Long waits for new cars and stripped-back equipment lists could be with us until 2024, according to one Volkswagen Group executive.
Speaking with Automotive News Europe, Volkswagen Group finance boss Arno Antlitz said the semiconductor shortage afflicting carmakers isn’t close to finishing up, due to “a structural undersupply in 2022, which is only likely to ease somewhat in the third or fourth quarter”.
“The situation should improve in 2023, but the structural problem will not yet have been fully resolved,” Mr Antlitz told Automotive News.
Carmakers are currently battling an unprecedented combination of challenges when it comes to production.
Having dealt with lockdowns and COVID-19 outbreaks in 2020 and 2021, both of which hit production numbers hard, they’re still dealing with a global shortage of semiconductors – chips essential to making the array of screens and computers in modern cars work.
In Australia, that’s played out in the form of long delays on new cars, higher prices, and some brands removing equipment from their vehicles to get them to customers.
Reports on when the chip crunch will abate vary, but the Volkswagen Group is far from alone in forecasting it will last deep into 2023.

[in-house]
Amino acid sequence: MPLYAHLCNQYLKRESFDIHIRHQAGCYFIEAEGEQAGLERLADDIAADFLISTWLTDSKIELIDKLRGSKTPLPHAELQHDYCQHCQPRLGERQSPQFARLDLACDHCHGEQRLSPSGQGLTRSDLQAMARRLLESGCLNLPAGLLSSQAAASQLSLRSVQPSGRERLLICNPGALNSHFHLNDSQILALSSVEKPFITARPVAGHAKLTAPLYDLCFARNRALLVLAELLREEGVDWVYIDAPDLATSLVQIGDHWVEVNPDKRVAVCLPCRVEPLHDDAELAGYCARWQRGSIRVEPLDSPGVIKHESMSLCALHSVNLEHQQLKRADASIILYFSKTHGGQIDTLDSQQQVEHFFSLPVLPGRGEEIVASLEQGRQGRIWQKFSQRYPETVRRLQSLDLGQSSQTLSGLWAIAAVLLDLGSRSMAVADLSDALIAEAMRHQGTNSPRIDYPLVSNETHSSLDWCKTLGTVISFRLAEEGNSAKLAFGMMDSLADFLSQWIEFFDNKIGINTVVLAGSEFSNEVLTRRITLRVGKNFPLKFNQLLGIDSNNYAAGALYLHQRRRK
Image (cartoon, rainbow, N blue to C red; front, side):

Along with COVID-19 and the related semiconductor crisis, the war in Ukraine has also forced the closure of factories that produce wiring harnesses.
Reuters last month reported BMW and Porsche had been forced to pause production due to a shortage of wiring harnesses.
BMW and the Volkswagen Group source the harnesses from suppliers in western Ukraine, and are among several car companies that have reportedly set up “crisis teams” to manage the disruption to operations caused by the invasion.
Several carmakers source wiring harnesses from suppliers such as Leoni, Fujikura and Nexans in Ukraine, due to the country’s geographic proximity to their factories, plus its lower labour costs and skilled workforce.
Reuters reports harnesses are the most critical automotive component exported to the European Union from Ukraine, accounting for nearly seven per cent of all imports of this product.
Wiring harnesses bundle up to 5km of cables in the average car, and are unique to a vehicle model. It could take months for suppliers to increase production capacity at other locations.